Applying for college is an exciting – but often stressful – time for students and their families. It can also be very costly and the financial aid process can be overwhelming, too. Below, you’ll find helpful resources and links to learn more about how to approach the financial aid process.
For a comprehensive listing of services and resources, please click here for the Congressional Research Service’s latest report on student aid.
- Getting Started: Best Practices
- Student Aid and Where It Comes From
- Targeted Aid for Specific Groups
- Interested in Public Service?
- Repaying Your Loans
Getting Started: Best Practices
- Start gathering information early.
- Free information is readily available from:
- High school counselors, college and career school financial aid offices (where you plan to attend)
- Local and college libraries
- Federal Student Aid (U.S. Department of Education)
- Other Internet sites search terms student financial aid OR student financial assistance
- Ask questions: counselors may know if you have exceptional circumstances that affect your eligibility.
- Keep copies of all forms and correspondence: you must reapply for aid each year .
- Parents: start saving early.
- Good overviews:
- Beware of scholarship scams — don’t pay for free information!
Student Aid and Where It Comes From
Basic assistance categories:
- Financial need-based: Remember that students and their parents are responsible for paying what they can — financial aid is a supplement, not a substitute, for family resources.
- Non need-based: Factors include academic excellence, ethnic background, or organization membership. Corporations may also offer assistance to employees and children.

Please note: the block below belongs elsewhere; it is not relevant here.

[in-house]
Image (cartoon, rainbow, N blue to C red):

Completing the FAFSA
- The Free Application for Federal Student Aid (FAFSA) is the form necessary to complete in order to get financial aid for college, career school, or graduate school.
- Application is available October 1st with varying deadlines by state or institution.
Federal Student Aid:
- Provides nearly 70% of student aid under Loans, grants and work-study programs.
- Available to all need-based applicants; some loans and competitive scholarships for non need-based.
- Free information from the U.S. Department of Education:
Loans are the most common federal aid and must be repaid when you graduate or leave college:
- Stafford Loans
- Federal PLUS Loans for parents and graduate students, not need-based.
- Perkins Loans for need-based undergraduates, through participating schools.
Scholarships/grants are mostly need-based and require no repayment:
- Pell Grants
- Federal Supplemental Educational Opportunity Grants ( FSEOG )
- “Congressional” scholarships :
Work study programs allow you to earn money while in school:
- Federal Work Study Program: college campus jobs
- USA Jobs: Welcome Students and Recent Graduates: jobs with the federal government
- If you have questions that are not covered by the U.S. Department of Education Web site, please call the Federal Student Aid Information Center at 1-800-433-3243.
States offer residents a variety of scholarships, loans, and tuition exemptions.
- Check with your state higher education agency and guarantee agency.